Our algorithms aim to:

  1. Make it possible to exploit relatively short (e.g. a few years) or discontinuous station records. Rather than simply excluding all short records, we prefer to design a system that allows short records to be used with a low – but non-zero – weighting whenever practical.
  2. Avoid gridding. All three major research groups currently rely on spatial gridding in their averaging algorithms. As a result, the effective averages may be dependent on the choice of grid pattern and may be sensitive to effects such as the change in grid cell area with latitude. Our algorithms eliminate explicit gridding entirely.
  3. Place empirical homogenization on an equal footing with other averaging. We distinguish empirical homogenization from evidence-based homogenization. Evidence-based adjustments to records occur when secondary data and/or metadata is used to identify problems with a record and to then propose adjustments. By contrast, empirical homogenization is the process of comparing a record to its neighbors to detect undocumented discontinuities and other changes. This empirical process performs a kind of averaging as local outliers are replaced with the basic behavior of the local group. Rather than regarding empirical homogenization as a separate preprocessing step, we plan to incorporate empirical homogenization as a process that occurs simultaneously with the other averaging steps.
  4. Provide uncertainty estimates for the full time series through all steps in the process.

A detailed description of the statistical methods used by Berkeley Earth can be found in our “Methods” paper.

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There have been many criticisms of station quality. How can you be sure your results will be reliable if you are including stations that do not meet NOAA's criteria for station quality?

One of the elements that we have analyzed is temperature records from only the very best sites (as classified by Anthony Watts and his team) contrasted with the poorer sites. This analysis is in the paper “Earth Atmospheric Land Surface Temperature and Station Quality in the United States”, available here.

Additionally, each of our 39,028 sites has been classified as urban or rural using the map published by the Modis satellite team, and have also used that classification to look for differences. The results of that analysis are in the paper “Influence of Urban Heating on the Global Temperature Land Average”, available here.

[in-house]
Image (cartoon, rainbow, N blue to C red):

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Does Berkeley Earth use adjusted data?

Berkeley Earth collects data from 16 different sources. Wherever a source has an unadjusted version, that version is used. If multiple data sources have records for the same location, unadjusted values are given priority over adjusted values.

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Does Berkeley Earth homogenize data?

Other groups such as NASA, NOAA, and the Hadley Center either work with data that has been homogenized or they make homogenizing adjustments to the data series. In the Berkeley method station records are not adjusted up or down. Rather, stations that display unreliable data characteristics are down weighted in the construction of spatial temperature fields. Stations that show evidence of undocumented moves or instrument change (e.g. evidenced by extremely abrupt changes, either up or down) are split at the change point and treated as two separate records.

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Is the urban heat island (UHI) effect real?

The Urban Heat Island effect is real. Berkeley’s analysis focused on the question of whether this effect biases the global land average. Our UHI paper analyzing this indicates that the urban heat island effect on our global estimate of land temperatures is indistinguishable from zero.

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How does Berkeley data differ from other global temperature estimates?

Other major global land temperature reconstructions by NASA, NOAA, and the Hadley Center largely rely on the same set of monthly data from about 7,000 stations that comprise the Global Historical Climatological Network (GHCN-M). Berkeley makes use of data from over 36,000 stations. For any given month after 1880, the Berkeley dataset has between 2 times and 8 times the number of stations with data available compared to GHCN-M. Prior to 1880 Berkeley has about 20 to 50 percent more station records available for any given month.

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Why didn't Berkeley Earth wait for peer review?